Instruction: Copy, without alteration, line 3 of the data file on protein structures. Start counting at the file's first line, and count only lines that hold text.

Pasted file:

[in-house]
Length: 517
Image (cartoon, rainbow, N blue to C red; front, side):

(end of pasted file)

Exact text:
Image (cartoon, rainbow, N blue to C red; front, side):